Jacob’s ladder is often grown in gardens, but it’s actually only native to three areas in England: the Peak District and the Yorkshire Dales, and Northumberland. It grows best in cool, partially shaded spaces, in soil that won’t dry out. It will struggle in spots that are dry and sunny.

Japanese Aucuba (Aubuca Japonia)

An evergreen shrub, Japanese aucuba can grow to between 6 feet to 10 feet, and has green and yellow-gold leaves that tend to be about eight inches long. The flowers are replaced with bright red berries in the fall, but only if a male plant is growing nearby.

Often, both the fruit and the flowers are hidden by the foliage. It’s an ideal plant for containers, and as a houseplant. They thrive in lots of shade; if they get too much sun their leaves will turn black.

Mild temperatures and well drained soil are the Japanese aucuba’s ideal conditions, but they can grow in most soil (even heavy clay) as long as it’s well drained. Insects rarely bother the plant, but there can occasionally be some scales. 

Japanese Blood Grass (Imperata Cylindrica)

A perennial plant, the foliage of Japanese blood grass is initially green with red tips, but goes on to mature to a blood red color for which it got its name. It tends to only grow to about two feet high, in clumping grass rather than spreading grass.

In their cultivated form they don’t have much invasive potential, but once they revert to green their chances of becoming a nuisance increase, as they get far more aggressive. Japanese blood grass is actually banned across half of the United States because of its potential for taking over native flora.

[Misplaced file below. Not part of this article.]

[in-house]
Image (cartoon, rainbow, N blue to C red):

It’s a low maintenance plant with few common problems (it wouldn’t be nearly as invasive if there were a lot of common problems!), but it can struggle in spaces that aren’t moist and cool. If it gets too wet, the roots are prone to various kinds of rot.

Once established it is both drought resistant and tolerant of urban pollution. Your best method for reliably propagating Japanese blood grass is division. 

Japanese Forest Grass (Hakonechloa Macra)

A member of the Hakonechloa family, Japanese forest grass is a slow growing ornamental plant that requires very little maintenance. They’re considered a semi-evergreen plant, although depending on where you live they may not survive winters.